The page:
harbi ngers of summer
& TOMATO by Colleen Thompson
SOUTH LUMINA AVENUE’S GEORGE CLARK ANSWERS THE AGE-OLD QUESTION:
WHAT IS THE SECRET TO KILLER CRAB CAKES? “MORE CRAB MEAT,” HE SAYS SIMPLY.
Clark has been catching crabs in Wrightsville’s sounds for 80 or more years. His 90-plus years
make him something of an expert on the crustacean.
During his childhood on Wrightsville, “In those days you could put a chicken neck on a string
and put a weight on it and put it out into the water about four feet deep and wait. In a few min-utes
you could pull in a crab or two.”
In the 1970s, Clark started putting crab pots at the end of his pier. “I could easily get 25 crabs
overnight in one pot,” he says. “I never took more than I needed, but they were there.” He has
been putting crab pots out there every year since, and he is quick to bemoan the decline in the
number of blue crabs. Clark says the summer before last, from April 1 to December, he caught a
total of two blue claw crabs. And none last summer.
Clark’s favorite way to prepare crab: “When I get crabs, I pour boiling water over them to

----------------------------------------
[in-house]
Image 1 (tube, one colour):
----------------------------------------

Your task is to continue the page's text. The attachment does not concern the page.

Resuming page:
kill them. I cut the legs off, take the backs off, and all the stuff outside of the shell. I break
the shell in two. I put a stick of butter in the frying pan, add the ½ crabs into it and sauté
them in a lot of garlic salt.” He then spreads newspaper on the table, dumps the crabs and
breaks them apart.
Blue crabs are harvested from our Atlantic waters from May to August and we’ve come to
associate them with summer feasts and ice cold drinks. Their Latin name Callinectes sapi-dus
means “beautiful swimmer” and they are renowned for their unusually blue-green hued
shells and distinctive sweet meat. They’re excellent just steamed and seasoned with Old Bay
seasoning, enjoyed by the whole family on hot summer days. The perfect summer trio: crab,
corn and tomatoes are an unbeatable combination.
DIGITAL ARTWORK BASED ON A PHOTO BY JAMES DEMERS/PIXABAY